How is your justice meter moving now? I mentioned earlier that I think this parable is one of the strangest, hardest, and most important of Jesus’ parables. It is strange because it actively invites us to identify with the characters that come out on the short end of the stick. I mean, we understand why the all-day workers are angry. We would be, too. And yet when they complain the vineyard owner pretty much puts them in their place: “Friend, I am doing you no wrong. I am paying you exactly what we agreed to. If I want to pay someone else more, what is that to you?” He then goes a little further, questioning their motives, even their character: “Or are you envious because I am generous?”

Sure. Fine. He is right. But here’s the thing: no matter what the landowner says, no matter that I know, technically he is right, I’m still bothered. Are you?

In this story Jesus provides a wry glimpse at the difference between God’s designs and human desires. Jesus, as he often does in the parables, opens a tiny portal of light into God and the kingdom of heaven.

The landowner’s generosity is shared with the last-hired workers for a reason known only to him. He does not explain or apologize for the accounting system that lavishes the same wage on everyone hired, regardless of the amount of time logged on the job. The only response the landowner has to the disgruntled all-day workers is “Am I not allowed to do what I choose with what belongs to me?”

Is God not allowed to be generous as God desires? Well, yes, we want to say. But it is easy to spot those that we think do not deserve or have not earned what God gives.

This parable unsettles our sense of fairness. And it reveals something humbling about God’s way of handling us and something very troubling about our nature.

Growing up a twin, I realize now that as much as my parents were fair, God is not that way. While I learned long ago that “hard work pays off” and “you get back what you give” — Jesus messes with my thinking as he tells this parable. Jesus can be extremely annoying. His message can be disturbing. What is this: paying the 11th hour workers as much as full timers? What is this: the last will be first, the first will be last? If Jesus is telling us the truth about God and the kingdom of heaven, then all our expectations of God get messed up.

Good thing.

For here’s the truth: God is not fair and we are all 11th hour workers. In God’s economics, you and I and every person on this earth are 11th hour workers. We are all receiving wages/benefits that we did not earn — that we do not deserve. We all enjoy benefits we do nothing to bring about.

I was recently reading about a practice some artists use to intentionally introduce a “flaw” into their work to honor God. There is an irony in this practice though. We cannot produce perfection. Nothing we can do, or say, or think, can come even remotely close to the perfection that is God. It is perfectly true that we are all receivers. Not givers, first. But receivers. And all we receive is grace. All we can hope for is the merciful generosity of a God who gives the 11th hour workers a full day’s wage.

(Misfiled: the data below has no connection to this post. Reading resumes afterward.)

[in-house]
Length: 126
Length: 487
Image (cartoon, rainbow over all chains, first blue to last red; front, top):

Mercy, beyond our logic and capacity, is at the heart and soul of God. We see it all the time in Jesus and most poignantly on the cross. In Jesus’ own “eleventh hour” it was mercy that reigned. But there is something in that scene that riles us if we do not see ourselves as 11th hour workers in the eyes of God. As Jesus hung on the cross beside him were two convicted thieves. One blew him off. But the other admitted he was getting what he deserved. He knew his execution was just.

In this guy’s eleventh hour, he said, “Jesus, remember me when you come into your kingdom” (Luke 23:42). And what did Jesus say to this criminal? Was He fair and just? Did He enact justice in the ways we so often seen in this world? To that “eleventh hour” guy Jesus said: “Today you will be with me in Paradise” (Luke 23:43).

Not fair is it? In my way of thinking, no. Then I hear the landowner’s words in this parable: “Am I not allowed to do what I choose with what belongs to me? Or are you envious because I am generous? So, the last will be first…”

Are those words good news for us as 11th hour workers? The Bible is full of eleventh-hour people who deserved nothing yet received God’s mercy. May it be that the living of our faith, today and every day might extend God’s mercy to all the other 11rh hour workers with whom we share this world.



Kurt Jacobson

Author of “Living Hope” & “Welcoming Grace.” Lutheran preacher (retired) but still writing to inspire and aim for a world of mercy, love and respect.